Preventing type 2 diabetes in Salford

Somebody using a blood glucose monitoring system.

What did we do?

As part of our preventing type 2 diabetes work we developed an award-winning telephone support service, with improvements recorded in three-quarters of patients.

How did we do it?

We worked with Salford Diabetes Care on an impaired glucose tolerance (IGT) care call project which aimed to delay or reduce the risk of people with IGT developing type 2 diabetes. IGT is a condition where patients have a blood glucose level that is above normal but not high enough for a diagnosis of diabetes.

Taking Salford Diabetes Care’s existing care call service, we developed and implemented a telephone-based lifestyle intervention, delivered by trained health advisors, for patients diagnosed with IGT. The IGT care call service developed evidence-based scripts to provide educational messages, specifically for people with IGT, offering them lifestyle advice by a dedicated health advisor. Rather than teaching patients in a directive manner, health advisors engage in motivational discussions with patients, identifying key areas of their lifestyle that can be improved such as weight loss and healthy eating.

Research shows that without lifestyle or medical intervention, about 50% of people with IGT will develop type 2 diabetes within five to ten years. Intensive lifestyle interventions, such as IGT care call, can reduce the risk of developing type 2 diabetes by up to 58% for people with IGT.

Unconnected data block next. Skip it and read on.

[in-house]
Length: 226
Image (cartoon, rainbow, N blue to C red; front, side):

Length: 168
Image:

Key outputs and impacts

  • 75% of patients supported in this way lost weight and 65-75% of patients saw improvements in oral glucose tolerance tests, showing the positive effect of their lifestyle changes
  • The project has been nationally recognised. IGT care call won the Quality in Care (QiC) award for “Best Type 2 Diabetes Prevention Initiative” in 2011 and NICE regard the IGT project as an exemplar for the prevention of diabetes in its 2012 guidelines
  • NHS Salford Clinical Commissioning Group (CCG) has commissioned the service for all patients with IGT.

What next?

Building on our success, we’re now working with Hitachi, Salford Royal NHS Foundation Trust, NHS Salford CCG and NorthWest EHealth to engage with general practices across Salford as part of the CATFISH (Comparison of Active Treatments for Impaired Glucose Regulation) trial.